23/05/2012 11:07 BST | Updated 22/05/2015 06:12 BST

Terrible Twos: Fire In Her Belly

Toddler tantrum Rex

The funny thing about the name of this column is that Ruby has never really been very Terrible at all. As far as big tantrums go, hers have been so few and far between I could probably count them on, oh I don't know, half a hand.

Sure, Ru gets the grumps every so often – tiredness and hunger the two biggest culprits for lowering her mood. But as she seemingly eats every hour and a half, and she sleeps for a good two hours at lunchtime, she pretty much has it sussed.

Ruby's placid personality has made me feel very fortunate at times. I've met a couple of other mums whose Terrible Twos pull wobblies every other day – the sorts of wobblies that see them rolling around on the floor, screaming, going purple and trying to bite the carpet. Very distressing for all concerned.

But while we've never endured tantrums with any regularity, we did, a couple of weeks ago, face Ruby's biggest hissy fit yet. And wowsers...

It was bed time. Ru was absolutely exhausted after a Saturday of frolicking and, though she had eaten plenty (as usual), she'd had too little sleep during the day. I guess adrenaline had kicked in and while, to me, it seemed obvious that snoozing would solve everything, she had other ideas which she was hysterically attempting to convey.

"Really Ru, it's bed time now, we've already had three stories and..."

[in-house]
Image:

"Darling, you need to..."

"NNNNNNO!" Oh cripes, she was going purple.

"Come on, let's have a cuddle and you can lie down and..."

And now she was really screaming: "NNNNNNNNO MUMMY! DON'T LIKE LIE DOWN, MORE STOOOOORY"

Heavens. It went on and on, for more than an hour. I'd made six attempts and I was at a loss. When I was in the room, Ruby was losing the plot – cuddles weren't working, she wanted me nowhere near her unless I had a book in my hand, but she was too out of control to listen. And each time I left the room, blowing kisses, and closing the door softly, her rage turned to heartbreak. She was not shouting but sobbing.

Seventh time lucky, I took a deep breath and went back in again. Ignoring Ru's flailing hands as she tried to reach the book shelf, I held her tight. She pushed at me, so I held tighter. And just as I was about to give up (worrying I was holding her TOO tight and exhausted from her pummelling), I felt her relax. I kept hugging, she gave in a little more and so I sat down and cradled her. I did wonder if it was a ruse, if she was about to leap up and grab The Hungry Caterpillar and beat me around the head with it. But she didn't, so I softly counted to 10.

At five, her eyes were rolling. At eight, they were closed. And at 10, her breathing had deepened. One very trembly intake of breath later, her body was heavy and she was fast asleep.

It hit me then how Ruby's long legs, which were flopping off my lap, belie just how little she still is. At two-and-a-half, she can already (normally) be reasoned with to a degree.


But she's still a baby in so many ways and she's still learning to reason with herself; this was an occasion when she just needed her mummy to take control of the inexplicable anger in her belly and squeeze it into the shape of an all encompassing hug.


For a minute there, as I sat watching the fire retreat from my little bundle's cheeks, Ru looked just like she did when she was born. And as I wiped all that salty fury away from her eyes, I cried.

I think I was a bit tired, too.